One of Canada’s biggest beef packing plants, just north of the flood-battered town of High River, Alta., expects to be reopened and running nearer to its full capacity on Tuesday (June 25).
The Canadian arm of U.S. agrifood giant Cargill said Monday the beef fabrication, trim and grind, rendering, cooler, shipping, warehousing, maintenance, administration and human resources departments at its High River packing plant will run both their shifts starting Tuesday.
However, the “harvesting” of beef — that is, beef cattle slaughter operations — will not take place Tuesday, the company said.
Cargill said it plans to provide meals for workers and transport them to and from the plant.
The company’s operation is about five kilometres north of High River and was not directly damaged by the flooding that led to the evacuation of the community.
The 450,000-square foot plant, when operating at capacity, employs about 2,000 people processing up to 4,500 cattle per day.
High River was among communities large and small in southwestern Alberta that were swamped and/or evacuated due to flooding over the past four days, as a system bearing heavy rain parked itself over the region, during a period of heavy snowcap runoff from the nearby Rocky Mountains.
As of noon Monday, the Alberta government had confirmed 23 states of local emergency across the region.
The province also said Monday it has approved $1 billion as part of its first phase of emergency recovery and reconstruction funding, and that by midweek it will distribute pre-loaded debit cards to help displaced residents with “immediate housing needs and day-to-day purchases.”
Communities in eastern Alberta and Saskatchewan, running up to The Pas in northwestern Manitoba, are now bracing for impact as the water makes its way up the Saskatchewan River.
Alberta’s agriculture minister, Verlyn Olson, took to Twitter on Monday advising affected farmers to contact the provincial crop insurance and financing agency, Agriculture Financial Services Corp. (AFSC).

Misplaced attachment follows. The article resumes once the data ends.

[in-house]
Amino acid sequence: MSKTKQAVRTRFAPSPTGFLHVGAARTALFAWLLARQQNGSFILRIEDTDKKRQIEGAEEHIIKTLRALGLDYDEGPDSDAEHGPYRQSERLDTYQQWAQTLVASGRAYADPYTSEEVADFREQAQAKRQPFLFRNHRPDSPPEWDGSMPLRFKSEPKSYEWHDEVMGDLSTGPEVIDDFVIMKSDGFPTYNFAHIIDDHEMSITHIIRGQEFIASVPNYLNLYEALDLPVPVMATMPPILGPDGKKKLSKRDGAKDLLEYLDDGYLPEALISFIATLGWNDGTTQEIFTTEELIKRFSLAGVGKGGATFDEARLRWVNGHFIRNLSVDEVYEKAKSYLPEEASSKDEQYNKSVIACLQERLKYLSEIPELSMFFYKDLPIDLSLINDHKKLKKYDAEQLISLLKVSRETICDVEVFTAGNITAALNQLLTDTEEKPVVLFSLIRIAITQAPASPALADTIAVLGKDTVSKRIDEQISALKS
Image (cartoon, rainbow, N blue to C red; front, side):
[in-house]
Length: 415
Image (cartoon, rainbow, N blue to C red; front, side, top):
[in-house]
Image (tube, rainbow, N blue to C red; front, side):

AFSC said Monday its High River office would be closed until further notice, and directed that office’s clients to call the AFSC toll-free line (1-877-899-2372) or contact AFSC offices at Claresholm or Vulcan.
Olson noted Friday on Twitter that it’s still “too early to assess the full extent of (the floods’) impact on farmland” in the region.
CLICK HERE to visit the provincial ag ministry’s flood preparedness page for crop and livestock producers and other rural residents.
U.S. fertilizer firm CF Industries announced Sunday it has already run an “orderly shutdown” of its nitrogen fertilizer processing plant at Medicine Hat, Alta., in advance of eastbound flooding on the South Saskatchewan River.
While the CF plant itself is about 200 feet above normal river levels, the company said, its pump house, which holds equipment used to draw river water for plant operations, is near the riverbank.
Canadian Pacific Railway, whose main line west of Calgary through the Banff and Canmore closed due to the flooding in the area, announced Monday its main line has reopened, after crews “successfully restored segments impacted by the extreme weather.”
The CP main line will be “fully” restored once a portion of the company’s track in Calgary reopens, which is expected to happen Monday evening, the company said. A segment of CP’s south line to Lethbridge is also expected to be “fully restored” by Thursday.
Among other agribusinesses, JBS USA spokesman Cameron Bruett told the Reuters news service on Monday that the JBS beef plant at Brooks, Alta. was operating normally.
It was also business as usual at Agrium’s nitrogen fertilizer plant at Carseland, Alta. and at Methanex’s methanol plant at Medicine Hat, company officials told Reuters. — AGCanada.com Network/Reuters
Cargill’s High River beef plant closed, not flooded, June 23, 2013
Too early to assess flood’s impact on Alta. farmland: AgMin, June 22, 2013